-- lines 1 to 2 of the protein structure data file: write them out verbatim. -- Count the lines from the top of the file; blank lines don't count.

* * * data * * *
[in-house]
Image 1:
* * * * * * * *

[in-house]
Image 1: